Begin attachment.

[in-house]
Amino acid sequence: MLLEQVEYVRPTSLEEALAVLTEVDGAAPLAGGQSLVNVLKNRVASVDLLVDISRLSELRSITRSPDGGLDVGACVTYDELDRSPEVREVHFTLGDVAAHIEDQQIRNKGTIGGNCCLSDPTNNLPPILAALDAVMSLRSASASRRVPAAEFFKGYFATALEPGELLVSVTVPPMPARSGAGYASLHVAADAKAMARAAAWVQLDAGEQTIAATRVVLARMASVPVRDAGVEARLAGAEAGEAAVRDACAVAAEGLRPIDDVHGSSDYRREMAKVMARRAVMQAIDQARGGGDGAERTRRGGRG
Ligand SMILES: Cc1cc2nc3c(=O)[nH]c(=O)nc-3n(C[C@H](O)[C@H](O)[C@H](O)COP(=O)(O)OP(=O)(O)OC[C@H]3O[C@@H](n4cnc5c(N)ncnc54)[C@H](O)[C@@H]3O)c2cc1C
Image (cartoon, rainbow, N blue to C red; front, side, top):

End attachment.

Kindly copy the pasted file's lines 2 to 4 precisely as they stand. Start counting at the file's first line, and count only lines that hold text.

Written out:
Amino acid sequence: MLLEQVEYVRPTSLEEALAVLTEVDGAAPLAGGQSLVNVLKNRVASVDLLVDISRLSELRSITRSPDGGLDVGACVTYDELDRSPEVREVHFTLGDVAAHIEDQQIRNKGTIGGNCCLSDPTNNLPPILAALDAVMSLRSASASRRVPAAEFFKGYFATALEPGELLVSVTVPPMPARSGAGYASLHVAADAKAMARAAAWVQLDAGEQTIAATRVVLARMASVPVRDAGVEARLAGAEAGEAAVRDACAVAAEGLRPIDDVHGSSDYRREMAKVMARRAVMQAIDQARGGGDGAERTRRGGRG
Ligand SMILES: Cc1cc2nc3c(=O)[nH]c(=O)nc-3n(C[C@H](O)[C@H](O)[C@H](O)COP(=O)(O)OP(=O)(O)OC[C@H]3O[C@@H](n4cnc5c(N)ncnc54)[C@H](O)[C@@H]3O)c2cc1C
Image (cartoon, rainbow, N blue to C red; front, side, top):